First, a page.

Charagmus gressorius © Andrew Cunningham


Arachnidae (Spiders)    Related Link:  British Arachnological Society

A full list of species recorded on the Warren can be found here. The most obvious of these the large and colourful Wasp Spider Argiope bruennichi was increasingly recorded in Greenland Lake after being discovered in 2000. However numbers are much declined with over-wintering egg cases often lost to mowing and just one was recorded in 2019 with none the following year.


Wasp Spider & egg case © John Fortey

The most notable species is the jumping spider Euophrys herbigrada, last recorded in 1995, there are only six other sites for his species in the UK. Others include the Nationally Scarce species Dune Jumper Marpissa nivoyi, Bleeding Heart spider Nigma puella and the wolf spider Alopecosa cuneata.


Dune Jumper © Andrew Cunningham
 

Hemiptera (bugs)    Related Link: British Bugs

A total of 152 species have been recorded on the Warren, including Italian Alder Aphid Crypturaphis grassii, 10 shieldbugs and other obvious species such as Western Conifer Seed Bug Leptoglossus occidentalis and the Spurge Bug Dicranocephalus agilis.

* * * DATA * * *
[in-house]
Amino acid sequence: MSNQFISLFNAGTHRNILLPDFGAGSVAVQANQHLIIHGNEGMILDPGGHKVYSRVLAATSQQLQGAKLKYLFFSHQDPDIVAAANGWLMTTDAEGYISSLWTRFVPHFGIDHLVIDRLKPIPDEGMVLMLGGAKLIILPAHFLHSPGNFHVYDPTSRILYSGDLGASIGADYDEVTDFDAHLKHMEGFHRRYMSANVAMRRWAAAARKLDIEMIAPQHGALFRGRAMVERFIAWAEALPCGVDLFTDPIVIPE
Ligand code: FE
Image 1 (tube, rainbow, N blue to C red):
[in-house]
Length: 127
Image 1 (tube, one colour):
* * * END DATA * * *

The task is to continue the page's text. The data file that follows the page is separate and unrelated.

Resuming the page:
The introduced Tree Lupin Lupinus arboreus supports and an American aphid species Macrosiphum albifrons. This was introduced to the site in an attempt to control the invasive host plant. In some years this large species can kill off large numbers of Tree Lupin, but it has not been recorded feeding on any other species on site. It has however spread across UK and Europe and is a serious pest of lupins. 


Spurge Bug © Alan Keatley
 

Molluscs

Just 23 terrestrial species have been recorded on site. This includes two shelled slugs Testacella maugei & scutullum, Leopard Slug Limax maximus, Garlic Snail Oxychilus alliaris and Eccentric Glass Snail Vallonia excentrica. Introduced species include Paralaoma servilis, only a few mm long, originally from New Zealand and Mediterranean Snail Theba pisana often found in large numbers high on vegetation.